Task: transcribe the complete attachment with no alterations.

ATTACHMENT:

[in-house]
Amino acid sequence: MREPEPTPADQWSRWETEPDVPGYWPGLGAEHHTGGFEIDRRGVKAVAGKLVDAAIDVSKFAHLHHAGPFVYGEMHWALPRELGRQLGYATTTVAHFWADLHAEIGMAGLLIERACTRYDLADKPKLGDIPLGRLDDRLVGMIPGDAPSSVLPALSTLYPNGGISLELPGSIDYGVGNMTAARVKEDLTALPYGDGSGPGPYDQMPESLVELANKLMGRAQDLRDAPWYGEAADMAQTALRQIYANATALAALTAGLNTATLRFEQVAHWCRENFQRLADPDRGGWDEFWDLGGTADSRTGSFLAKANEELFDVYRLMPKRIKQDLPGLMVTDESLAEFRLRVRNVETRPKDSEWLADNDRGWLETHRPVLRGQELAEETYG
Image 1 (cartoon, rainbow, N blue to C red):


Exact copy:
[in-house]
Amino acid sequence: MREPEPTPADQWSRWETEPDVPGYWPGLGAEHHTGGFEIDRRGVKAVAGKLVDAAIDVSKFAHLHHAGPFVYGEMHWALPRELGRQLGYATTTVAHFWADLHAEIGMAGLLIERACTRYDLADKPKLGDIPLGRLDDRLVGMIPGDAPSSVLPALSTLYPNGGISLELPGSIDYGVGNMTAARVKEDLTALPYGDGSGPGPYDQMPESLVELANKLMGRAQDLRDAPWYGEAADMAQTALRQIYANATALAALTAGLNTATLRFEQVAHWCRENFQRLADPDRGGWDEFWDLGGTADSRTGSFLAKANEELFDVYRLMPKRIKQDLPGLMVTDESLAEFRLRVRNVETRPKDSEWLADNDRGWLETHRPVLRGQELAEETYG
Image 1 (cartoon, rainbow, N blue to C red):